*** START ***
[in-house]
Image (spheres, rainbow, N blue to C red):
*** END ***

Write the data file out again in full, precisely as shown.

[in-house]
Image (spheres, rainbow, N blue to C red):